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MENTAL HEALTH AND MENTAL DISABILITY LAW

Convenors

Peter Bartlett, University of Nottingham, peter.bartlett@nottingham.ac.uk; Magda Furgalska, University of York, magdalena.furgalska@york.ac.uk; Amanda Keeling, University of Leeds, a.keeling@leeds.ac.uk

Mental health/capacity law seem to be in a period of quiet at the moment.  In England and Wales, mental health reforms seem to have been put on ice, and the Liberty Protection Safeguards (reforming DOLS) have no date for implementation.  Things are better in Scotland, where the Scott report has been received broadly positively by the government.  In all of the UK, though, we are under the shadow of pending elections.  Is this the calm before the storm?  And what should the storm look like?

 

That question provides a particularly apt occasion for this stream.  Papers from all areas of the law relating to mental health, mental capacity and mental disability are welcome, including:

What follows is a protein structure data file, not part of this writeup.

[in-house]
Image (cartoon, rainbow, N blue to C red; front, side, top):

• Civil, criminal or informal mechanisms of control, in hospital or in the community

  • Supported decision-making and supported accommodation

  • The law relating to disability and welfare benefits, and issues relating to care and programmes in the community;

  • Issues relating to discrimination on the basis of mental disability (be it mental health issues, neurodiversity, psychosocial disabilities, or learning disabilities)

  • International law relating to people with mental disabilities, including (but not limited to) issues surrounding the UN Convention on the Rights of Persons with Disabilities (CRPD);  

  • The role of administration or care-givers in the provision of services;

  • The role or experience of service users in mental health care, and research into mental health care.

 

There is no restriction on methodology:  papers may be empirical, policy-centred, historical, analytic, traditional legal, or theoretical, in approach. 

 

Papers are welcome from any academic background, and from people at any stage of their career. Proposals from people with lived experience of mental distress are welcome.

 

The stream co-ordinators are happy to consider joint sessions with other streams in the conference where appropriate.

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